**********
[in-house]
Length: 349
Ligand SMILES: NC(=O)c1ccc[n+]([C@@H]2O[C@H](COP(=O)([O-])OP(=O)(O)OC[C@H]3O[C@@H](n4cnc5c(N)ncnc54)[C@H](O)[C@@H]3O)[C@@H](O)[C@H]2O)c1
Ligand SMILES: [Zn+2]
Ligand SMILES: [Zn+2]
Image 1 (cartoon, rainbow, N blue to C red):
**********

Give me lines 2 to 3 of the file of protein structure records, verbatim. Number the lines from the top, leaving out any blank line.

Length: 349
Ligand SMILES: NC(=O)c1ccc[n+]([C@@H]2O[C@H](COP(=O)([O-])OP(=O)(O)OC[C@H]3O[C@@H](n4cnc5c(N)ncnc54)[C@H](O)[C@@H]3O)[C@@H](O)[C@H]2O)c1